This is a profoundly humane book. It brings to light the constraints and obstacles facing social workers concerned with the protection of children suffering from parental neglect and abuse a decade before the Children Act 1989 reformed the previously chaotic law. In following through a number of contested cases in the courts, it maintains suspense – and, at the same time, in its portrayal of characters involved, is both moving and frequently very funny. Mr. Ellison writes with great compassion, while puncturing the pomposities, ignorance, prejudices and arrogance of people at the top in local government, and in the legal profession and the magistracy. Anyone concerned – whether professionally or otherwise – with the welfare of children should read this book. I look forward to a sequel.
Former manager of special-needs housing, care & support for disadvantaged young adults)
by Jeff Morsman
This is, in an odd way, a book whose time has come. From one angle, it is a nostalgic look back at life in the legal department of a well-known north London local authority, at the beginning of Margaret Thatcher’s ‘efficiency’ agenda, told from the perspective of a young solicitor named Robert Fordham. However, a backdrop including a vignette of a young Jeremy Corbyn and other political references, confer a contemporary note to the story, which is set during the winter of 1979-80.
The story focuses on Robert, as he makes his way through the labyrinth of red tape and pathos which makes up life in the child protection functions of social services departments, who are his clients. The stories of neglected and abused children are told in a straightforward, unsentimental fashion, reminding the reader that, in most cases, parents just need some help and if they don’t get it, the consequences can be devastating. Just occasionally, some people are not able to act adequately as parents, and we get a glimpse of the anxiety and responsibility which rests on the shoulders of the young social workers as they encounter these.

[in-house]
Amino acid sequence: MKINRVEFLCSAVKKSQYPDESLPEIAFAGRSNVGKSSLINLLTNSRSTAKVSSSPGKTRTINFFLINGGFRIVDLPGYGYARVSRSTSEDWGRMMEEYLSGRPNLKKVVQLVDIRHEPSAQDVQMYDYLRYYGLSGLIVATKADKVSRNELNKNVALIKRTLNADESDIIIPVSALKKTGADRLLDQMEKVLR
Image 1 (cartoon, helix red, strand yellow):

Much of the narrative of the book is taken up with the way in which the state deals with poverty and disadvantage, and once again, has strong parallels with today. It presents the stories in a non-judgmental way, leaving readers to draw their own conclusions.
This is an absorbing and well written novel. It will have a particular attraction for those who worked in local government at the end of the 1970s, evoking the spirit of the time and the sense that the world could be changed. However, it is a good read in its own right, with all the ingredients that make up a good story – including a love interest, but one which does not dominate, the whiff of unprincipled careerism, frustrated ambition and thwarted ideals. The characters are well depicted and the foibles of Edward Shimble, the particularly irritating head of department, are a peculiar delight.
by Sue Daniels, chief executive of a housing association